This article is from the Financial Aid, Scholarships, and Fellowships FAQ, by Mark Kantrowitz with numerous contributions by others.
You may hear that millions or billions of dollars of scholarships go
unused each year because students don't know where to apply, but this
simply isn't true.
Most financial aid programs are highly competitive. According to the
National Postsecondary Student Aid Study conducted by the National
Center for Education Statistics at the US Department of Education,
only 1 in 25 students (that's 4%) receive private sector scholarships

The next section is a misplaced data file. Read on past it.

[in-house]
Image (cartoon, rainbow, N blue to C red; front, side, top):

and the average amount received is about $1,600.
The most common version of the unclaimed aid myth is that "$6.6
billion went unclaimed last year". This myth is based on a 1976-1977
academic year study by the National Institute of Work and Learning
that estimated that a total of $7 billion was potentially available
from employer tuition assistance programs, but that only about $300
million to $400 million was being used. This money goes unused because
it can't be used, is a 20-year-old estimate that has never been
substantiated, and is not available to the general public. Only
eligible employees whose employers offer tuition assistance and who
are enrolled in an eligible program can take advantage of such
programs. There are no unclaimed scholarships. Popular variations on
this myth include the figures $2.7 billion, $2 billion, $1 billion,
and $135 million.